Back to RJ Archive

Ethical failures of national GHG emissions reduction proposals approaching Copenhagen

August 17, 2009

Identifying distributive and restorative justice issues entailed by the
need to allocate GHG emissions levels among nations does not
necessarily lead to agreement about what ethics requires. This is so
because ethical theories often differ about what ethics requires.  One
may, for instance appeal to rights- based or Rawlsian theories of
distributive justice just to name a few, to guide ethical conclusions.
Yet these theories may reach different conclusions about what ethics
requires under the same facts. Therefore, ethical issue spotting does
not necessarily lead to ethical consensus.

However, for some human problems there is an overlapping consensus
among ethical theories about what ethics requires even though
foundational ethical theories differ.  An overlapping consensus occurs
when varying ethical theories lead to the same ethical conclusion.  For
other human problems, although there is no overlapping consensus about
what ethics requires, most ethical theories would agree that relevant
existing behaviors are ethically problematic. That is, ethical
criticism of the status quo is possible even if there is no overlapping
consensus on what ethics requires. And so, identification of ethical
issues may lead to: (1) conflict about what ethics requires, (2)
overlapping consensus about what ethics requires, and, (3) overlapping
consensus that a proposed or existing activity is ethically problematic
despite no consensus on what ethics requires.

As we have seen, to adequately address issues of equity in
allocating GHG targets among nations, proponents of allocations
proposals should be guided by principles of distributive and
restorative justice. Traditional distributive justice demands that
benefits and burdens of public policy be distributed according to
concepts of equality, modified only by morally relevant considerations
of, for example, need or merit.

Distributive justice does not always require completely equal
distributions, yet distributive justice puts the burden on those who
want to be treated differently from others to show that the basis for
being treated differently is based on morally relevant criteria. For
this reason, as a matter of distributive justice, those who propose a
formula for defining “equity” that is not based upon giving all people
equal rights to use the atmosphere have the burden of demonstrating
that differences in treatment are based on merit, deservedness, or
other morally relevant criteria. Self-interest would not satisfy
distributive justice criteria.

In sum, the second minimum ethical criteria that must be met by all
Copenhagen proposals is the requirement that proposals must be
consistent with what “equity” and “justice” demands of them. It is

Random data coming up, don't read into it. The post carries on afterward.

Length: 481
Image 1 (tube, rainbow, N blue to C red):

beyond the scope of this post to examine all of the issues raised by
competing theories of distributive and restorative justice that are
relevant to national emissions targets. However, what can be said at
this time is that all nations have a duty to reduce their emissions to
their fair share of non-dangerous global emissions and that fairness
must be guided by principles of distributive and restorative justice.
It also can be said that some nations approach to national emissions
obligations are ethically problematic even though there may be no
consensus among ethicists what emissions reduction commitments are
required. Moreover, since distributive justice requires that those who
argue for an unequal share of the burdens and benefits of climate
change policies base their argument on morally relevant criteria, a
strong case can be made that nations that believe that they are
entitled to special treatment in regard to their GHG allocations have
the burden of proof of demonstrating why their positions are ethically
justified.  For this reason, we conclude that national reporting under
the UNFCCC and nations making proposals on second commitment period
frameworks on GHG emissions reductions targets demonstrate how their
climate change policies satisfy obligations to avoid dangerous climate
change and are consistent with principles of distributive and
restorative justice.

Read the whole entry.


Blog PostCourtsStatutes and LegislationWhite Collar
Support the cause

We've Been Restoring Justice for More Than 40 Years

Your donation helps Prison Fellowship International repair the harm caused by crime by emphasizing accountability, forgiveness, and making amends for prisoners and those affected by their actions. When victims, offenders, and community members meet to decide how to do that, the results are transformational.

Donate Now